Themes and Meanings

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Last Updated on May 6, 2015, by eNotes Editorial. Word Count: 284

The science-fiction story of a maternal deity mirrors Westin’s comment on Margareth’s and Ann’s relationship. He had not realized that what Margareth needed was a mother; the science-fiction story implies that the need for an indulgent maternal figure is universal. This fable constitutes a literal apotheosis of the female principle, a development that started in his poem “Karleksforklaring till en sefardisk dam” (“Declaration of Love to a Sephardic Lady”) and continued with other female figures in the first two volumes of Sprickorna i muren. In The Death of a Beekeeper, Ann is an ineffectual liberator, but the god of the science-fiction story becomes the culmination of liberation—from war, from materialism, from pain, from language, and, eventually, from personality itself.

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In the novel, it is the cessation of pain, rather than the absence of pain, which is paradise. If there had never been any pain, it would be impossible to become aware of its absence as something desirable. Without hell, in other words, there could be no paradise.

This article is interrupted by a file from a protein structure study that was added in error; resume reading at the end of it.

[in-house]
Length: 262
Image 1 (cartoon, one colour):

In spite of Westin’s positive invention of a prayer-granting god, a comment in one of the last diary entries is more revealing of his metaphysical attitude. He says that perhaps a more interesting heresy than the denial that there is a god who has created humanity would be a heresy that says yes, there is a god who has created us, but there is no reason to be either impressed by or grateful for this fact. If there is a god, Westin states, our task is to say no. Westin has consistently said no to life. In burning the letter from the hospital, he attempts to say no to death as well.

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